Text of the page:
2022 Could Be a Whole New Ballgame for SoFi Stock

SoFi Technologies (NASDAQ:SOFI) is really shaking things up in 2022, which can only be good for beleaguered SOFI stock.

In mid-January, the company announced it finally got approval from the Office of the Comptroller of the Currency and the Federal Reserve to operate a bank subsidiary, which will be called SoFi Bank. This is a big deal for the fintech, as it will allow it to “lend at even more competitive interest rates and provide our members with high-yielding interest in checking and savings,” CEO Anthony Noto said in a news release.

That’s a good business to be in right now with the Fed set to begin raising interest rates in March for the first time since December 2018. Remember, banks can charge more when they loan money in a higher interest rate environment. That’s why as the broader stock market shudders when the Fed starts hinting about raising rates bank stocks are usually a safe harbor.

SOFI Stock at a Glance

SOFI stock has been a disappointment since it began trading on the Nasdaq on June 1. It went public after completing a reverse merger with Social Capital Hedosophia Holdings Corp. V, a special purpose acquisition company.

Shares made a high just below $25 the following day. By mid-August, SOFI stock briefly dipped below $14. A recovery followed, with shares topping out above $24 in mid-November, following the release of the company’s much-better-than-expected third-quarter earnings report.

Adjusted revenue for the quarter came in at $277.2 million, up 28% year over year. And the company reported a loss of 5 cents per share versus the 14-cent per-share loss analysts were expecting. Management also raised its full-year guidance to more than $1 billion in revenue and $28 million to $31 million in adjusted EBITDA .

Investors’ post-earnings celebration was short-lived, though, and SOFI stock turned sharply lower again. Even the news of SoFi securing its long-awaited bank charter wasn’t enough to stem the selling. SOFI stock popped more than 24% in two days following the news. A week later, it made a fresh 52-week low at $10.51.

Yet, in the past two trading days, SOFI stock has run up nearly 20% on strength in the tech sector. This likely has some investors wondering whether SOFI stock has finally put in a bottom.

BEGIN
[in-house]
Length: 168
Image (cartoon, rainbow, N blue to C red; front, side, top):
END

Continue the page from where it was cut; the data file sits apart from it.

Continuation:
Analysts On Board With SOFI Stock

While the stock’s performance certainly leaves something to be desired, analysts have been cheering the company’s national bank charter.

Rosenblatt analyst Sean Horgan raised his price target from $28 to $30, saying the regulatory approval is “the moment we’ve all been waiting for.” Horgan said the bank charter will allow SoFi to outperform expectations over the next 12 months.

Mizuho analyst Dan Dolev maintained his price target of $17 for SOFI stock while calling the approval a “significant positive catalyst.” He said the bank charter improves SoFi’s credibility and should help lower its cost of capital.

Citi analyst Ashwin Shirvaikar maintained his “buy” rating and a $20 price target on SOFI stock. He said the bank charter is an important part of SoFi’s strategic plan to offer higher-yield products and increase its retail deposit base.

And that’s just a smattering of the positive comments.

According to TipRanks, seven of the 10 analysts covering SOFI stock rate it a “buy” and the average price target is $20.30. That’s 53% above the current price.

The Bottom Line on SOFI Stock

The sweet spot for any bank is to capture a customer’s full life cycle. Banks want to be there when you get your first savings and checking accounts, when you buy a car and when you get your first house. They want to be part of the conversation when you start saving for your child’s college education and your retirement. In other words, they want to handle your finances from cradle to grave.

SoFi hopes it can take another step toward that goal with a national bank charter. It’s too early to tell if this plan will help SOFI stock turn the corner, but I’m rooting for it.

On the date of publication, Patrick Sanders did not have (either directly or indirectly) any positions in the securities mentioned in this article. The opinions expressed in this article are those of the writer, subject to the InvestorPlace.com Publishing Guidelines.

Patrick Sanders is a freelance writer and editor in Maryland, and from 2015 to 2019 was head of the investment advice section at U.S. News & World Report. Follow him on Twitter at @1patricksanders.

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